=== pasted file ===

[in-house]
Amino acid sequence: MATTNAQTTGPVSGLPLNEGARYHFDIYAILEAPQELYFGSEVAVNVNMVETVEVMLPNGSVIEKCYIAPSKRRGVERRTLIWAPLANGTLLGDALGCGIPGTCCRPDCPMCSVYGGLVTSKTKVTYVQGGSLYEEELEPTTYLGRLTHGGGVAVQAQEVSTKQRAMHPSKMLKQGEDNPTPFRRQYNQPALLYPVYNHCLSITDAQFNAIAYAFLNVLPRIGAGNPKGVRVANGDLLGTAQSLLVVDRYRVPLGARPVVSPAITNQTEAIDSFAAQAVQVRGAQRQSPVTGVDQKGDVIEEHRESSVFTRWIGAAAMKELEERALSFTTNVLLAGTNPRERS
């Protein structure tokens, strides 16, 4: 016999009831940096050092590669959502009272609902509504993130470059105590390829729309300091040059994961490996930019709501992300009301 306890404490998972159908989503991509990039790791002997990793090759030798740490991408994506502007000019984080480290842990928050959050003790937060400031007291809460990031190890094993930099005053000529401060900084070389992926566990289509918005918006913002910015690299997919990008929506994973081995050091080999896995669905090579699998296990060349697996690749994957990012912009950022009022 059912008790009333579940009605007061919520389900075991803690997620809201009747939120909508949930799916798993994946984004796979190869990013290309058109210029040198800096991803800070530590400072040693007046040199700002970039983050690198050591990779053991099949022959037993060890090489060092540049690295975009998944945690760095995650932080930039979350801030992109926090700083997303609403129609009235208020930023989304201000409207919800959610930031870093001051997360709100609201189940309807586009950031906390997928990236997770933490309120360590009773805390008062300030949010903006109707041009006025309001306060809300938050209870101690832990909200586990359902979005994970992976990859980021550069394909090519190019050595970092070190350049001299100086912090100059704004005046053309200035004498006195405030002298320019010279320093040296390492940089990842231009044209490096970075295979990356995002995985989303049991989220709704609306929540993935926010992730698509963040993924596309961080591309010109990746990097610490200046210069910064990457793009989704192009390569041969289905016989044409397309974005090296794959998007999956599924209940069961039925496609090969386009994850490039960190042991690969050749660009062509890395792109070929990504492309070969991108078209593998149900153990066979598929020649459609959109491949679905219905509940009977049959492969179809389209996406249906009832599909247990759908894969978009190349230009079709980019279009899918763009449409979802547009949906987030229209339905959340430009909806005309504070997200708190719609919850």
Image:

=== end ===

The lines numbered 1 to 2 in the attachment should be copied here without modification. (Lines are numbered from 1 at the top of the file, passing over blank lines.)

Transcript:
[in-house]
Amino acid sequence: MATTNAQTTGPVSGLPLNEGARYHFDIYAILEAPQELYFGSEVAVNVNMVETVEVMLPNGSVIEKCYIAPSKRRGVERRTLIWAPLANGTLLGDALGCGIPGTCCRPDCPMCSVYGGLVTSKTKVTYVQGGSLYEEELEPTTYLGRLTHGGGVAVQAQEVSTKQRAMHPSKMLKQGEDNPTPFRRQYNQPALLYPVYNHCLSITDAQFNAIAYAFLNVLPRIGAGNPKGVRVANGDLLGTAQSLLVVDRYRVPLGARPVVSPAITNQTEAIDSFAAQAVQVRGAQRQSPVTGVDQKGDVIEEHRESSVFTRWIGAAAMKELEERALSFTTNVLLAGTNPRERS